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City Council Updates:
foundry update from 5/3/17 Council Meeting
foundry update from 6/7/17 Council Meeting
Geneva Community Gardens Information:
Here is a map to all of the Geneva Community Gardens (thank you to Growing Geneva Together)
Free Little Farm Stands: More information and locations possible to coming soon:
Geneva is surrounded by productive land and many edible gardens. Often, farmers and home gardeners produce extra food or have extra produce in their CSA shares, fields and gardens. The Little Free Farmstand is a place where you can share your excess produce, rather than it going to waste, with those that can use it.
The Little Free Farmstand is an initiative of the Growing Geneva Together Garden Coalition in which community members can give, take, and/or swap fresh produce (vegetables, greens, squash, pumpkins, eggs, etc.). The Little Free Farmstand, located at 46/50 State Street (Geneva Peeps), is a project organized and managed by Finger Lakes Institute Food Systems Program Manager Sarah Meyer with resident and Geneva Planning Academy participant Natalia St. Lawrence WS’15 through collaboration since last summer with Geneva Peeps, City of Geneva, Geneva Food Justice Coalition, and many local farms and gardens. The farmstand is fully installed and welcomes your fresh produce!
FAQ Farmstand FAQ is attached at this link! This is posted on the stand, if you’re curious to learn more. Feel free to write firstname.lastname@example.org for questions or follow the farmstand on Instagram @littlefreefarmstand #givetakeswap #littlefreefarmstand for updates of what is available for taking and swapping!
Geneva Garden Apartments Community Gardens coming soon! Want to get involved?
Geneva Garden Apartments is working on setting up several raised bed gardens and would like to offer this space to anyone who needs it. Please contact: Carole H. Brown, Property Manager for Geneva Gardens
500 Pulteney St., Unit 9, Geneva, NY 14456
DEC Press Page: http://www.dec.ny.gov/press/109534.html
DOH’s gardening info: http://cwmi.css.cornell.edu/healthysoils.htm
Two links from the DEC’s project web site:
David Chiusano (DEC)
Anthony Perretta (NYS Dept. of Health)
The state’s consultant team is from Ecology and Environment, Inc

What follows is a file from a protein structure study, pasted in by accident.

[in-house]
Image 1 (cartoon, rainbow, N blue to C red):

Bob Gibson is our contact for this project.
*Para Consultas en espanol sobre remediacion de su propiedad o requiera informacion adicional, por favor contactar a Eridania Marte, 716-684-8060, email@example.com
*If you need a Spanish speaking interpreter for this work, please contact the GNRC’s Jessica Avila at 315-828-6588 or please email her at firstname.lastname@example.org.
DEC website http://www.dec.ny.gov/chemical/107812.html
From DEC Region 8 letter:
If your yard does not have exposed or bare soil, then the potential for exposure to these contaminants would not be anticipated. Similarly, mulched plantings would minimize potential exposure.
The New York State Department of Health (NYSDOH) recommends that property owners and occupants follow the best practices described below to reduce the possibility of exposure to the contaminants in soil:
- Wash with soap and water after gardening or any time before you eat.
- Minimize children’s direct contact with bare soil by laying down wood chips or maintaining grass cover, especially if there is visible fill material such as ash, cinders, brick, or slag.
- Brush off your soil from your clothes and remove shoes and gloves before entering your home.
- Consider growing vegetables in raised beds with clean soil (at least 10 inches deep). Use untreated wood to make the beds. Pressure-treated wood and railroad ties contain added chemicals. You can find additional information about healthy gardening at: http://www.health.ny.gov/publications/1301/.
If applicable, please share these results and the precautions above with your tenants.
Additional Information on Gardening: